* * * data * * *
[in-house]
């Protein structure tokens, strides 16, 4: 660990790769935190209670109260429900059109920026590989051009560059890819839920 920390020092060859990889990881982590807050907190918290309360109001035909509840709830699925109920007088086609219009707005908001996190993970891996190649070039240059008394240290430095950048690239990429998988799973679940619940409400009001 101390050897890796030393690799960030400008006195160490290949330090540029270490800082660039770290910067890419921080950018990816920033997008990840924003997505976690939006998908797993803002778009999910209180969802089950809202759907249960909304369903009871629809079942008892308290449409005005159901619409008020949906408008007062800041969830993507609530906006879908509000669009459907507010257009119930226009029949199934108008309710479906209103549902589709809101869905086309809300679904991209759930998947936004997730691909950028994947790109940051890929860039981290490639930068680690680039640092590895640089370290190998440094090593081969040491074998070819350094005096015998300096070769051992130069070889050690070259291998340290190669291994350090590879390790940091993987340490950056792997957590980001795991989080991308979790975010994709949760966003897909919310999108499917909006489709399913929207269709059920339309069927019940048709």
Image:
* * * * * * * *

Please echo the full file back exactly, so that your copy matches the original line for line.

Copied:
[in-house]
């Protein structure tokens, strides 16, 4: 660990790769935190209670109260429900059109920026590989051009560059890819839920 920390020092060859990889990881982590807050907190918290309360109001035909509840709830699925109920007088086609219009707005908001996190993970891996190649070039240059008394240290430095950048690239990429998988799973679940619940409400009001 101390050897890796030393690799960030400008006195160490290949330090540029270490800082660039770290910067890419921080950018990816920033997008990840924003997505976690939006998908797993803002778009999910209180969802089950809202759907249960909304369903009871629809079942008892308290449409005005159901619409008020949906408008007062800041969830993507609530906006879908509000669009459907507010257009119930226009029949199934108008309710479906209103549902589709809101869905086309809300679904991209759930998947936004997730691909950028994947790109940051890929860039981290490639930068680690680039640092590895640089370290190998440094090593081969040491074998070819350094005096015998300096070769051992130069070889050690070259291998340290190669291994350090590879390790940091993987340490950056792997957590980001795991989080991308979790975010994709949760966003897909919310999108499917909006489709399913929207269709059920339309069927019940048709």
Image: